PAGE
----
In your civil but very diplomatic reply to my letter, you inform me that I have a constitutional right to visit Virginia, for peaceful purposes, in common with every citizen of the United States. I was perfectly well aware that such was the theory of constitutional obligation in the slave States; but I was also aware of what you omit to mention, viz.: that the Constitution has, in reality, been completely and systematically nullified, whenever it suited the convenience or the policy of the slave power. Your constitutional obligation, for which you profess so much respect, has never proved any protection to citizens of the free States who happened to have a black, brown, or yellow complexion; nor to any white citizen whom you even suspected of entertaining opinions opposite to your own, on a question of vast importance to the temporal welfare and moral example of our common country. This total disregard of constitutional obligation has been manifested not Merely by the lynch law of mobs in the slave States, but by the deliberate action of magistrates and legislators. What regard was paid to constitutional [108] obligation in South Carolina,--when Massachusetts sent the Hon. Mr. Hoar there as an envoy, on a purely legal errand? Mr. Hedrick, professor of Political Economy in the University of North Carolina, had a constitutional right to reside in that State. What regard was paid to that right, when he was driven from his home merely for declaring that he considered slavery an impolitic system, injurious to the prosperity of States? What respect for constitutional rights was manifested by Alabama, when a bookseller in Mobile was compelled to flee for his life, because he had, at the special request of some of the citizens, imported a few copies of a novel that everybody was curious to read? Your own citizen, Mr. Underwood, had a constitutional right to live in Virginia and vote for whomsoever he pleased. What regard was paid to his rights, when he was driven from your State for declaring himself in favor of the election of Fremont? With these and a multitude of other examples before your eyes, it would seem as if the less that was said about respect for constitutional obligations at the South, the better. Slavery is, in fact, an infringement of all law, and adheres to no law, save for its own purposes of oppression.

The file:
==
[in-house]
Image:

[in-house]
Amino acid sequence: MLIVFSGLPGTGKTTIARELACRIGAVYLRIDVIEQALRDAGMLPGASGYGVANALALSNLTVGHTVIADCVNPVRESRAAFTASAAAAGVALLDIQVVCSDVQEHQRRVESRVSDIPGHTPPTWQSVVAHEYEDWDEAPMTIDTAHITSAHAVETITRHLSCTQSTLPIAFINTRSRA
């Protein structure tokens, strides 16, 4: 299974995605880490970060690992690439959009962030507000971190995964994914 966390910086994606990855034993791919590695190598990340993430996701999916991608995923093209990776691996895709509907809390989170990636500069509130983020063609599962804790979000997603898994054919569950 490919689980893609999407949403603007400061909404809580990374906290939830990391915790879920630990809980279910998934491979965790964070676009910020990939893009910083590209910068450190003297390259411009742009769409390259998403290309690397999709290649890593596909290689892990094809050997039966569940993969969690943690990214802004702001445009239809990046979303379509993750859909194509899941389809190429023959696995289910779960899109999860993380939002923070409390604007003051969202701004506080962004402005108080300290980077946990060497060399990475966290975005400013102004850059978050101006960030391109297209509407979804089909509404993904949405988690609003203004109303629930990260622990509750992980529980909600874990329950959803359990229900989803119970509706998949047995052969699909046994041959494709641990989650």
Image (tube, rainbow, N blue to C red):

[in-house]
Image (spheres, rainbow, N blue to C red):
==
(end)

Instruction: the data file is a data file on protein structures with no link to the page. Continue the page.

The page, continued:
You accuse Captain John Brown of “whetting knives of butchery for the mothers, sisters, daughters, and babes” of Virginia; and you inform me of the well-known fact, that he is “arraigned for the crimes of murder, robbery, and treason.” I will not here stop to explain why I believe that old hero to be no criminal, but a martyr to righteous principles which he sought to advance by methods sanctioned by his own religious views, though not by mine. Allowing that Captain Brown did attempt a scheme in which murder, [109] robbery, and treason were, to his own consciousness, involved, I do not see how Governor Wise can consistently arraign him for crimes he has himself commended. You have threatened to trample on the Constitution, and break the Union, if a majority of the legal voters in these confederated States dared to elect a President unfavorable to the extension of slavery. Is not such a declaration proof of premeditated treason? In the spring of 1842 you made a speech in Congress, from which I copy the following:--